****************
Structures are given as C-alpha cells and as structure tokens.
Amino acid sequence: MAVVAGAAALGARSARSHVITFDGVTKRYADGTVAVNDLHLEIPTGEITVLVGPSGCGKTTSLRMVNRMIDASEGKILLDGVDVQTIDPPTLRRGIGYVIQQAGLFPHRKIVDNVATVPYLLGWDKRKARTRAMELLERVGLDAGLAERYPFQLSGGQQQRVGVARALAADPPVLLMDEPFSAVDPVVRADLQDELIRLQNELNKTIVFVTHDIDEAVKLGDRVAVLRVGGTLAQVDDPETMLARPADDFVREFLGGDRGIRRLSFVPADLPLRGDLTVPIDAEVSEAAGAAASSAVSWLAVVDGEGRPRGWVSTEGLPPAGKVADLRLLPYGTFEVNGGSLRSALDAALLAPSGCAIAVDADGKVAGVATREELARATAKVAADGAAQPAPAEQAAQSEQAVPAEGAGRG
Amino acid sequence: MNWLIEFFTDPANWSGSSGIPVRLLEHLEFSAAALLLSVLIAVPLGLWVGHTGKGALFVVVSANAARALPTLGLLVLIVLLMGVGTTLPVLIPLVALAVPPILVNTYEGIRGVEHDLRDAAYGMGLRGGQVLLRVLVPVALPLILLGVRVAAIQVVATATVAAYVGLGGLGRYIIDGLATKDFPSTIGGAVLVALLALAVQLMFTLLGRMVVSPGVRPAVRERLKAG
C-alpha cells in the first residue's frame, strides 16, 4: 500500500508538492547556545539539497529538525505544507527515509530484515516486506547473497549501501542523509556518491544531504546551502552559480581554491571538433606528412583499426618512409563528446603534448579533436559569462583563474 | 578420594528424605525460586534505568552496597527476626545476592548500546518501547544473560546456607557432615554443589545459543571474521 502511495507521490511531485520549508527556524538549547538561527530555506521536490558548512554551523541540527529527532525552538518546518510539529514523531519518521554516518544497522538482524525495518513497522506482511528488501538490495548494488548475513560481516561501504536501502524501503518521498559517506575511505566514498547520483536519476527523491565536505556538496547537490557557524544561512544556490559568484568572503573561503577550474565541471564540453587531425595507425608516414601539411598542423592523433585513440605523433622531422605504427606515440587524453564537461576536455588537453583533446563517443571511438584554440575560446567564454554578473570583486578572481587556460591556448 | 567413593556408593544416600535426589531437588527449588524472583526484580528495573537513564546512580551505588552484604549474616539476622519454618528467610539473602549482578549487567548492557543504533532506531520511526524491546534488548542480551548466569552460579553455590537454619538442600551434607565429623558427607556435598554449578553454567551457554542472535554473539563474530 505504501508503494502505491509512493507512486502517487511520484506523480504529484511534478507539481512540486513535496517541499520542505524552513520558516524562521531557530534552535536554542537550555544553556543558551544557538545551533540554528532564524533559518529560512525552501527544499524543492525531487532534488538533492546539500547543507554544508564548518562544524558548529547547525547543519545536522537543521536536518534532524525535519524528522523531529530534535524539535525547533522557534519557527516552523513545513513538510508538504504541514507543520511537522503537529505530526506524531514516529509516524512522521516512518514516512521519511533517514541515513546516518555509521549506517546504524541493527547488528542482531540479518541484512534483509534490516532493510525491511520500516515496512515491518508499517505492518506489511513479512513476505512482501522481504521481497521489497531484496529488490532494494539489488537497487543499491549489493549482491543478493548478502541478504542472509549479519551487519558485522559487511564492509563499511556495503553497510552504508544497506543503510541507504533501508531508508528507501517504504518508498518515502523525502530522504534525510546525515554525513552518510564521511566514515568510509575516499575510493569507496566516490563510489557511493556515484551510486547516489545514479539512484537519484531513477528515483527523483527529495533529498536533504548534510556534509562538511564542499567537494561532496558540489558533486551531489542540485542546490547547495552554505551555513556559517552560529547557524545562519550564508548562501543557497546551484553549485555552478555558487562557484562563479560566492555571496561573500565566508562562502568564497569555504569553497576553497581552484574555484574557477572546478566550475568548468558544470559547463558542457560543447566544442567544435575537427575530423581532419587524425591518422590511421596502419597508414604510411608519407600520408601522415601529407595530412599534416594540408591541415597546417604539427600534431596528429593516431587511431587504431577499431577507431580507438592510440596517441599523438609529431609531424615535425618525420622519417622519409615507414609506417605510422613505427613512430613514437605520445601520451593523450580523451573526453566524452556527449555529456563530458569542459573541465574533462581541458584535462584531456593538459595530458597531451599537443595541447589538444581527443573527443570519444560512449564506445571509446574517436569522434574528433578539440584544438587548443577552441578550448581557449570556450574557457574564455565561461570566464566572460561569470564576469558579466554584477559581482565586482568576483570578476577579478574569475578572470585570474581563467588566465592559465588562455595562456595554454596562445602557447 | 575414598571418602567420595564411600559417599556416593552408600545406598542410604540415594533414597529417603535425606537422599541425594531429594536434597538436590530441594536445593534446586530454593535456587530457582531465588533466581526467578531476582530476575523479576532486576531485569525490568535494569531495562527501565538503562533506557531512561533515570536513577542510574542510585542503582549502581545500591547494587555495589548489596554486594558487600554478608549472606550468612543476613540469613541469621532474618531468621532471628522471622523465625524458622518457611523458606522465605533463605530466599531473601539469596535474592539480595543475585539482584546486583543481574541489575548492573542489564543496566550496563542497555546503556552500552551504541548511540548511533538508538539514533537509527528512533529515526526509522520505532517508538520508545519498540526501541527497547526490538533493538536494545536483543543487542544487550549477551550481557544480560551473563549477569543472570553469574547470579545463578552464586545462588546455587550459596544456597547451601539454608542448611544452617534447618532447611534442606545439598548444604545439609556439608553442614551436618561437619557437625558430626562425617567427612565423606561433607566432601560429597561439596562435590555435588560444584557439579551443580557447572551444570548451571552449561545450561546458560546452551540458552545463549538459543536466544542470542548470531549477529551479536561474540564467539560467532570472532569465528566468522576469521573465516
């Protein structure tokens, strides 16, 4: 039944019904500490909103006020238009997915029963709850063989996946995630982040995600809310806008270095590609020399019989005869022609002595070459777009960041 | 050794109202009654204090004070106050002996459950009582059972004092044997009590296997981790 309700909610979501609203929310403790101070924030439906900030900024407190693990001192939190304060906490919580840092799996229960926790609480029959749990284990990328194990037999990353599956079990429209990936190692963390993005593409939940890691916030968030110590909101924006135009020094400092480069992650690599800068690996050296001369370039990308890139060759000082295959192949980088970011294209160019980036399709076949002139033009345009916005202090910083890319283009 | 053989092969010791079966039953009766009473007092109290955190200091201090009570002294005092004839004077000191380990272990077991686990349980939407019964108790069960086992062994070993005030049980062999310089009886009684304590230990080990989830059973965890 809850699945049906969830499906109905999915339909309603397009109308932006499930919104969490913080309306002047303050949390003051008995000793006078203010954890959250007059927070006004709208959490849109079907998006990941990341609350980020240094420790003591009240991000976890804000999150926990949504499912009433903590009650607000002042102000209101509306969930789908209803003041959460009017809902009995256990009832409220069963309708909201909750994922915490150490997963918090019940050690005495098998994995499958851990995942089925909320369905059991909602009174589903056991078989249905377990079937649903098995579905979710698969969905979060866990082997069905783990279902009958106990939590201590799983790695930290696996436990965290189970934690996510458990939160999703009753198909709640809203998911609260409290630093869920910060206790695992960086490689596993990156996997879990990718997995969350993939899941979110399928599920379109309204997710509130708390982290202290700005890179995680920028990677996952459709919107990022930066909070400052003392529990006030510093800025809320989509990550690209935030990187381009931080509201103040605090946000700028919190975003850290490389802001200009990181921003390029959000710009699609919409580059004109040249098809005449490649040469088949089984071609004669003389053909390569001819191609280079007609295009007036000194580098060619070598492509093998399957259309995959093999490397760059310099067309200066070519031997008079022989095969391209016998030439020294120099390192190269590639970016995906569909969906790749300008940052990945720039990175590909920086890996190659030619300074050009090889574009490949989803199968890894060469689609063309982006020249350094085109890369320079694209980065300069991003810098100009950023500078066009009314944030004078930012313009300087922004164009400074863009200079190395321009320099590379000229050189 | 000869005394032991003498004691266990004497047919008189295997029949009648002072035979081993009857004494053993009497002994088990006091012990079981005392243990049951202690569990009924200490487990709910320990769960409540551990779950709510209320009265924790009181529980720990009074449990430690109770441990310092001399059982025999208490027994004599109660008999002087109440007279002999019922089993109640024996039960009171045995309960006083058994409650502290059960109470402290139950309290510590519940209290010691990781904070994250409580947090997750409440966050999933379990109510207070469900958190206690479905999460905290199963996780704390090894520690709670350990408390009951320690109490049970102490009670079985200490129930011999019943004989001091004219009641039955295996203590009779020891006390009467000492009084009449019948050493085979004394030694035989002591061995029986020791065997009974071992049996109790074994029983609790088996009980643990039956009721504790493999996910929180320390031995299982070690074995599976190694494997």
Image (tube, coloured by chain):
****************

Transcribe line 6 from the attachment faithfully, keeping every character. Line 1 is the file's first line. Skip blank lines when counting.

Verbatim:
Image (tube, coloured by chain):